ALFRED NOBEL

THE MAN BEHIND THE PEACE PRIZE

A picture-book biography of the inventor of dynamite and creator of the Nobel Prizes fills a niche but oversimplifies somewhat in so doing. From his discovery that the volatility of nitroglycerin might be harnessed for use to the reading of the will in which he established the famous prizes, the brief account sketches in the basic details of Nobel’s adult life: his fondness for reading and writing, his tinkering with explosives, the factory blast that killed his brother Emil and four others and the premature obituary he read when his brother Ludvig’s death was misreported as his own. Throughout, Wargin depicts a melancholy but committed pacifist who hoped “his inventions would prevent war.” Pullen’s full-bleed paintings are at their best in Nobel’s workshop, their subject intent on the chemical task at hand. While the brevity of the narrative is appropriate for the audience, for whom little else on the subject is available, it glosses over the fact that he manufactured armaments as well as tools for mining and manufacturing—an unfortunate elision. (list of Nobel Peace Prize winners) (Picture book/biography. 6-9)

Pub Date: Feb. 1, 2009

ISBN: 978-1-58536-281-3

Page Count: 32

Publisher: Sleeping Bear Press

Review Posted Online: May 19, 2010

Kirkus Reviews Issue: Jan. 1, 2009

REACHING FOR THE MOON

In first-person voice, Aldrin highlights points from his childhood that led to his dream of being an astronaut and making the historic moon landing. Coincidental details like his mother’s maiden name, “Moon,” and his favorite movie hero, the “Lone Ranger,” suggest clues to his destiny. After West Point, he joined the Air Force because “he wanted to fly more than anything.” Minor’s usual beautiful and realistic illustrations effectively convey spatial perspectives and movement, adding depth to the narrative. However, the cover design and type layout are confusing, indicative of a biography instead of an autobiography—a brief intro could have clarified it. Aldrin’s message in an author’s note avows, “If you set your sights high, you may accomplish more than you ever dreamed.” Pair this with Don Brown’s One Giant Step for a child’s-eye view on space exploration. (Flight/space exploration chronology) (Picture book/biography. 6-9)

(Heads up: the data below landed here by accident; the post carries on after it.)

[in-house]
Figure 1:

Pub Date: June 1, 2005

ISBN: 0-06-055445-2

Page Count: 40

Publisher: HarperCollins

Review Posted Online: May 19, 2010

Kirkus Reviews Issue: June 1, 2005

BUTT OR FACE?

A gleeful game for budding naturalists.

Artfully cropped animal portraits challenge viewers to guess which end they’re seeing.

In what will be a crowd-pleasing and inevitably raucous guessing game, a series of close-up stock photos invite children to call out one of the titular alternatives. A page turn reveals answers and basic facts about each creature backed up by more of the latter in a closing map and table. Some of the posers, like the tail of an okapi or the nose on a proboscis monkey, are easy enough to guess—but the moist nose on a star-nosed mole really does look like an anus, and the false “eyes” on the hind ends of a Cuyaba dwarf frog and a Promethea moth caterpillar will fool many. Better yet, Lavelle saves a kicker for the finale with a glimpse of a small parasitical pearlfish peeking out of a sea cucumber’s rear so that the answer is actually face and butt. “Animal identification can be tricky!” she concludes, noting that many of the features here function as defenses against attack: “In the animal world, sometimes your butt will save your face and your face just might save your butt!” (This book was reviewed digitally.)

A gleeful game for budding naturalists. (author’s note) (Informational picture book. 6-8)

Pub Date: July 11, 2023

ISBN: 9781728271170

Page Count: 40

Publisher: Sourcebooks eXplore

Review Posted Online: May 9, 2023

Kirkus Reviews Issue: June 1, 2023

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